April 14, 2024
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April 14, 2024
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Linking Northern and Central NJ, Bronx, Manhattan, Westchester and CT

“If you didn’t have a value for the y-intercept but you had a point, could you still generate the equation of the function?” (Seventh-grade student anticipating the next lesson)

“How could I prove that two sides of a rectangle are parallel?” (Third-grade student, advanced group)

“What happens when you try to divide by zero?” (Third-grade student)

“Revising is another way to say rewriting. What words can I change in this sentence to make my idea clearer?” (Seventh-grade student)

“I wonder why my plant grew straighter and taller than others. What changes must I have done to my variables that made my plant more successful?” (Fifth grader)

Questions create the thrum of genuine learning in school. Every day, as I perambulate the halls and classrooms of RPRY, I hear teachers and students asking great questions. The primary cognitive tools that teachers use to create mediated learning experiences are process questioning and the bridging of learning from multiple domains.

Asking questions is central to developing lifelong learners who thirst for knowledge and strive to develop the tools for independent learning. Education is much more than absorbing facts; it’s formulating questions, analyzing and synthesizing information, researching and problem solving. This ability to generate questions is a crucial element of metacognition, which in turn is the center of our educational model.

RPRY is in the process of a major cultural paradigm shift in order to provide our students with a unique yeshiva experience through the prism of a metacognitive lens. Metacognition encompasses the ability to harness self-awareness to improve learning outcomes. Metacognition can be learned when it is taught explicitly and systematically and practiced across all content and social areas. Through ongoing professional development, coaching and professional learning communities, teachers are learning to promote a universal language for student self-planning, self-monitoring and self-evaluating across the grades and content areas. These ideas are applicable to early childhood, general studies, Judaic studies, social skills development, emotional regulation and intrinsic motivation.

Encouragement of cognition and metacognition is woven into our classrooms in a myriad of engaging ways. Many of our embedded enrichment opportunities are open-ended and allow for student exploration. This is particularly apparent in our math and science modules, which emphasize slow, deep thinking and value the process of investigation. Greatness is not equivalent to speed. Students explore problems, make mistakes and try alternative methods. They are asked to be reflective about how to plan for different types of problems and then how to return and revise. Students notice what methods best clarify learning for themselves. Students learn not to be afraid of failure and that mistakes are opportunities for growth. Children should feel the exultation of struggle in learning followed by progress. This fuels feelings of genuine success and builds a platform for future successful endeavor.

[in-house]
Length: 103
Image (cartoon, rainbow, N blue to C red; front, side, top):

For example, some of the fascinating math and science modules thus far this year included:

  • Euclidean geometry—Lower school students were introduced to Euclid’s Elements, an ancient math textbook that takes an axiomatic approach to geometry. It is also famous for allowing only the use of a straight edge and a compass in its 13 volumes. The unit engaged students with its very-hands-on and visual components.
  • Number theory, logic and probability—In separate modules, lower school and middle school students explored whole numbers. The number theory unit explored modular arithmetic (like the way a clock functions) and prime number activities. Pursuits included explorations of Euclid’s Proof of the Infinitude of Primes, the Goldbach conjecture and Hilbert’s Hotel. They also had a little bit of an introduction to infinities and their limits. Exciting and fun puzzle problems are used to model the different mathematical ideas.
  • Problem-solving and unsolved/unsolvable problems—Students across the school investigate a wide variety of problems, both in math and science, both solvable and unsolvable. Unsolvable problems are particularly useful for encouraging creative thinking and reducing students’ fear of making mistakes.
  • Engineering and design—Students in the middle school participated in the Fluor science challenge. Together, they planned and built models of the Banaue Rice Terraces.
  • Robotics—Students in lower school collaborated using cubelets to create robots that each performed a different task. Since each cubelet performs a different function, how the group planned and structured the robot shifted its performance.

Great teaching begins with teachers modeling in-depth questions. When the students generate high-level questions that inform their learning process, this demonstrates genuine growth. As students become more aware of their own learning styles and use self-questioning, the level of student engagement and motivation rises. RPRY provides opportunities for all learners based on demonstrated skills, interests or aptitudes in various interest areas. We seek to broaden the experiences of all students. There is no greater joy than the palpable excitement for learning that permeates the halls and classrooms and laces the students’ conversations.

By Chana Luchins

 Mrs. Chana Luchins is the assistant principal of general studies at the Rabbi Pesach Raymon Yeshiva (RPRY) in Edison.

 

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